# On L. Klein’s Erroneous Assessments of J M Keynes’s Views on Probability, Mathematics, and Statistics: Reviewing His 1951 Review of Harrod’s the Life of John Maynard Keynes

24 Pages Posted: 15 Oct 2018

Date Written: September 22, 2018

### Abstract

Lawrence Klein was a follower of the Limiting Frequency Interpretation of probability. This concept of probability requires that probability must always be a precise, exact mathematical probability. This meant that additivity was always the case. His acceptance of Kolmogorov’s axiom of countable additivity meant that he had no idea whatsoever about the concept of interval valued probability espoused by Boole and Keynes using upper and lower probability bounds. Klein’s belief in the limiting frequency interpretation of probability meant that there can be no such things as imprecise and/or indeterminate probabilities.

This view impacts Klein’s understanding of economic statistics and Econometrics. Klein builds his approach to economic statistics and Econometrics on the application of the Multivariate Normal probability distribution a la Tinbergen in 1939-40. There is no evidence that Klein was familiar with Mandelbrot’s demonstration, starting in the late 1950’s, that the Normal Distribution is not supported by any empirical evidence or Keynes’s point that it was impossible to use a Normal Distribution to account for changes in the demand (supply) of durable, physical capital goods, due to the impact of future technological change, innovation (obsolescence), and advance that impacted the expectations of those investing in such producer goods. However, Klein’s approach could be used to analyze the consumption function and inventory changes over time since these are stable, linear functions.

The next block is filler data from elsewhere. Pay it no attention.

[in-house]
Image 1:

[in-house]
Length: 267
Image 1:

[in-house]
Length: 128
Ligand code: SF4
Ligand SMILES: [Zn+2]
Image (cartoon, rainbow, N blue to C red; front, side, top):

Klein misunderstood Keynes’s comments about mathematical economics in the General Theory in the appendix to chapter 19 and chapter 21 of the General Theory. Keynes’s comments were a critique of Pigou’s use of Marshallian mathematics, based on ceteris paribus, partial equilibrium models that did not take into account the interdependencies and complex, complicated interactions between variables caused by the positive feedback effects emanating from, for one example, the interactions of the multiplier and accelerator.

Klein also failed to recognize that Keynes was the creator, developer and innovator of the IS-LM (LP) model, which Keynes presented as a three equation system on pp. 298-299 of the General Theory in 1936. Hicks’s and Harrod’s versions of IS-LM were just inferior versions of Keynes’s original model that left out expectations and uncertainty considerations, which Keynes had incorporated in his supporting D-Z model of chapters 20 and 21 (there is no D-Z model in chapter 3 of the GT).

**Keywords:** IS-LM, IS-LP(LM), Klein, Samuelson, Keynes, Chapter 21, Chapter 15, Keynes's Views of Math, Logical Theory of Probability

**JEL Classification:** B10, B12, B14, B16, B20, B22

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